Egypt opens biggest unit for stroke patients in Middle East

Egypt has opened the Middle East region's biggest hospital unit dedicated to the treatment of stroke patients. The new unit at Qasr al-Aini Medicine School in Cairo will treat patients for free, according to officials.

The inauguration ceremony on Sunday was conducted by Minister of Higher Education and Scientific Research Ashraf al-Shehy, along with the president of Cairo University Gaber Nassar.

Nassar said the new unit surpasses equivalent units dedicated to the treatment of strokes in United States and Spain.

Dr Fathy Khodair, dean of Qasr al-Aini Medicine School, said the stroke unit has 35 beds, serving 50,000 patients, including 12 beds for intensive care, and five for medium-level care. He said that between three and four cases would be received daily, and that all treatment would be provided for free.

The total cost of the unit is estimated at LE11 million, with personal donations making up around LE4.5 million, while the rest came from civil society organizations.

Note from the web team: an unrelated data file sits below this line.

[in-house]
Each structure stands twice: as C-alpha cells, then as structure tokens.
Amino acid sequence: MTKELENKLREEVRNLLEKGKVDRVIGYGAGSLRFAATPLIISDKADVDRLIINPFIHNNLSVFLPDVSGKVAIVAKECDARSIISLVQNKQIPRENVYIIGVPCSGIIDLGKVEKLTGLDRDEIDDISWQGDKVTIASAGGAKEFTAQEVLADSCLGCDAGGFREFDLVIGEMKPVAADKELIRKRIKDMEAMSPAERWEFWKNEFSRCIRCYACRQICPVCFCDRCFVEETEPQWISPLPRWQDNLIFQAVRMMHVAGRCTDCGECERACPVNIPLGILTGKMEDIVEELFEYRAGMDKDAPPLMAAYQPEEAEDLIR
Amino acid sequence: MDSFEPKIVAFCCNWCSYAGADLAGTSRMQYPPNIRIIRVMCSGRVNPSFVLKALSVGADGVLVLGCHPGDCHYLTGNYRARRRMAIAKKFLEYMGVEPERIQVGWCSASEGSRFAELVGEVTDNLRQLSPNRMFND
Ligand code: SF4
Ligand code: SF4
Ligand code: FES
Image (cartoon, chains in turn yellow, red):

"Stroke Afflicts 210,000 Egyptians every year, 50,000 of them in Cairo, and results in the deaths of a large number of Egyptians, while survivors may face the nightmare of handicap for the rest of their lives," Shehy told reporters on Sunday.

"Qasr al-Aini faces a shortage in stroke units and this prompted us to develop a strategy for establishing this center on the latest international standards to provide medical services free of charge," he added.

The World Health Organization lists stroke as the second on its list of 10 biggest causes of death around the world.

Strokes are caused by the interruption of the blood supply to the brain, usually because a blood vessel bursts or is blocked by a clot, resulting in a loss of oxygen to the brain tissues. Strokes may cause varying degrees of brain damage and physical disability, while more serious strokes can cause death.

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